From what I've seen, I just think a Masters has shown little/no bearing on teaching ability in the classroom. In other words, the overwhelming majority of teachers I encounter today have their Masters. And I still see teaching that I think is not up to par.

    Hence, I've just put it on the backburner.
     
  14. Ima Teacher

    Ima Teacher Virtuoso

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    And one more thing . . .

    I'm really glad that I got mine early, too. It took me 2 years to get mine, and it cost $3250. I have gotten an extra $3000 per year since I earned it. That's added an extra $39,000 in my bank account since then. Well worth the money.

    Currently the price for a class has a gone from $325 a class to over $1000 per class.
     
  15. DaveG

    DaveG Companion

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    Masters in Education are notorious for being extremely easy, requiring very little academic content knowledge or application of it. Many teachers only do their master's for the pay rise, not for advancement academically, and so colleges begin to cater to this type of thinking.

    Having said that, if you are willing to invest in additional research on your own and keeping up to date on a field, you can really enhance your own teaching practices.
     
  16. paperheart

    paperheart Groupie

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    That wasnt my experience. I have a Masters and it was never a problem to find a job. I do know through insider info passed on to me about a school district near me that they are only hiring new hires with 3 or less years experience to help balance the budget.
     
  17. nasirahc83

    nasirahc83 Companion

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    Well in Baltimore city which is trying the merit pay system. It wont matter if you have a masters or bachelors since pay will be base on merit and student test scores not tenure. So a first year masters and a first year bachelors will be paid the same but in previous years there about a $3,000 difference.
     
  18. DrivingPigeon

    DrivingPigeon Phenom

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    In my area, you earn your bachelor's degree, get a job, get your master's while working, and then you're pretty much locked in that district for your career (unless the budget problems improve). For my position, my principal was only allowed to interview teachers who had just graduated college. My co-workers told me to make sure I want to stay in this district for a while before I get my master's, because no one else will want me. That's how it is here!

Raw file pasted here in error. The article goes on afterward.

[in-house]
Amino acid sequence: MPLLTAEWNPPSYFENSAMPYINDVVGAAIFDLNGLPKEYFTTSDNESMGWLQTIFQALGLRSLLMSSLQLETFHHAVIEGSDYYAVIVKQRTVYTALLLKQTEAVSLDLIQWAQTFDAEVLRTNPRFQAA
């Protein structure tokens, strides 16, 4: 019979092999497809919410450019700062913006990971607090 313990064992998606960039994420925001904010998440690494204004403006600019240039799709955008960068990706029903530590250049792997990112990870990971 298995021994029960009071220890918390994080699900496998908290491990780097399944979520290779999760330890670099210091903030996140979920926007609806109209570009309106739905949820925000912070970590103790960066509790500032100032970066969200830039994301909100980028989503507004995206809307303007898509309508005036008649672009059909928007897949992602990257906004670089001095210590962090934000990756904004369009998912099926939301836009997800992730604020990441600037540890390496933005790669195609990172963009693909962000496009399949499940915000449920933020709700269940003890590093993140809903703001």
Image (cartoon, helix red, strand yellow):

19. Ms. I

    Ms. I Maven

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    I never worry about NOT getting hired because I'm more costly to employ. The way I look at it is, if something's meant for me, it will be. I'm not going to NOT get a Master's just because I fear not being employed after I get it.

    I got an MA BEFORE I had a teaching job. I was hired that same summer I graduated with it.
     
  20. Aliceacc

    Aliceacc Multitudinous

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    I think that, in your circumstances, that might be the way to go.

    But for many people here, employability needs to be part of the equation. Lots of people here have kids to support and a mortgage or a rent payment to make every month. If an additional degree were to render them too expensive to hire, it would be a huge problem.
     
  21. FarFromHome

    FarFromHome Connoisseur

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    I have my Master's and was just hired over people straight out of college. I know my new school was really impressed that I already have my Master's and Principal Certification when I haven't taught all that long. I think it really helped me get the job. So I think it all depends on the area you're in! I know a district back home that only hires teachers with Master's degrees.
     
  22. bandnerdtx

    bandnerdtx Aficionado

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    Down here, the pay is difference is so minimal that it wouldn't make a difference at all. Years experience is what really bumps you out of the market for some jobs.
     
  23. Teachling

    Teachling Groupie

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    In my district it's the same also but I don't think you see a difference in a few years other than the cost of living increase that would amount to an additional $30 a year on average. So basically, I don't think it makes a difference if you have a Master's or not unless you are shooting for administration or some sort of education support position.

    It's a good thing that I was only responsible for paying books & some small fees when I got mine because I'm definitely not getting much compensation for having one.